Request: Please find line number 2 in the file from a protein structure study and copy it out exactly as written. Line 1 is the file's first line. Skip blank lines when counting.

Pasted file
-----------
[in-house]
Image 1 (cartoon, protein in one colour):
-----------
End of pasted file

Image 1 (cartoon, protein in one colour):